After a time, I found that non-English music helped induce this type of trancelike state that I needed to achieve the self-negation I talked about before. There’s a Senegalese singer named Baaba Maal who has this unearthly voice that just seemed to evoke alien spaces and foreign lands, and that helped me write about Avin and his otherworldly pals. Baaba’s album Baayo is phenomenal, and I think helped me through several chapters. Salif Keita also, he had an album called Papa which was great, and Rokia Traore’s record Bowmboi. You have to look these people up if you don’t know them.
The other thing I began listening to in Pakistan, logically enough, was Pakistani and Indian classical music–not sitar especially, as I don’t care for it, but the flute player Hariprasad Chaurasia, and Bismillah Khan who plays shenai, you know, that nasal-sounding horn used by snake charmers? And vocalists like Kishori Amonkar, oh man I’m sort of in love with her–google her picture and you’ll see why. She can sing, too. And lots of other people too–the Sabri Brothers and Pathanay Khan and Nayyara Noor, who are all Pakistani, and Ustad Hassan Shagan, who might be the most remarkable singer of his generation, and so on.
b. Do you write to music or use it for inspiration in any way?
All these people I’ve been talking about, I write with them playing. All of them, particularly the non-English-language ones, help put me in a state of mind that is, I don’t know how to say it except, is more receptive to otherness. Otherness shows up a lot in my books, so I think that’s important. The other thing that’s great about this music is that the pieces tend to be long–a raga might be half an hour or an hour long, even African songs often approach ten minutes. I like this because, once that trance state is induced, I know it’s going to stick around for a while, not like some three-minute pop song. And of course, I can’t be distracted by the lyrics, since I don’t understand them. That’s hugely important too, and it’s the main reason I can’t write and play hip-hop at the same time.
There are times, sure, when I listen to raucous rock ‘n’ roll, Rage Against the Machine and Electric Wizard and stuff like that. Mainly I use that to just sort of jump-start myself when I’m doing boring technical work, typing in changes to a manuscript or something that isn’t all that creative or interesting or fun, just grunt work that needs to be done. And my next novel, An Age of Madness, which is coming out in 2012, is about a psychiatrist who can only stand to listen to classical music, so I wrote a lot of that while playing Vivaldi and Bach and Telemann and so on.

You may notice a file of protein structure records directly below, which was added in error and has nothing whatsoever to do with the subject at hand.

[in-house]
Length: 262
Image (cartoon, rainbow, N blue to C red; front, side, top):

My most recent discoveries have been this tremendously exciting stuff coming out of the Sahara, what’s being called “desert blues,” a kind of guitar-based music that grew out of Tuareg refugee camps in the 1970s and 80s. Bands like Tinariwen and Terakraft, singers like Mariem Hassan and Bombino–it’s all fantastic stuff. It really evokes other landscapes for me, which is what I need, and I was listening to a ton of this stuff just compulsively when revising The Gamble of the Godless.
For what it’s worth, as I write this I’m listening to Iron and Wine.
How does it work being married to another writer?
It works just fine. We read each other’s stuff sometimes and help each other out. If one of us gets preoccupied with a particular issue in a story, the other understands that yeah, this is important, we’re willing to hash it out over the dinner table or whatever. It’s also interesting to see how our experiences are similar, and where they diverge. Uzma is from Pakistan and her agent is based in the UK, so her experiences in regard to the industry have been somewhat different from mine.
In your bio on Goodreads you mention that “The Gamble of the Godless” is “a return for me to the type of books I grew up reading – and loving”. I personally really agree with that statement – I find that very often the books I love to read are not the types of books that I write at all. Do you think this is the case with many authors? And why?
I don’t know about other authors, but for me, the first stuff I tried to write–as a kid I mean, before college–were the types of fantasy and sci-fi books that I was reading. Then I went to college and started getting exposed to other stuff. I mean, I loved Steinbeck and Flannery O’Connor in high school, but in college I was reading Soviet dissident literature and Chaucer and Milton and Jayne Anne Phillips and Czech poets like Miroslav Holub and who knows what the hell else. And I was like, “Oh, there’s more to this than Edgar Rice Burroughs.”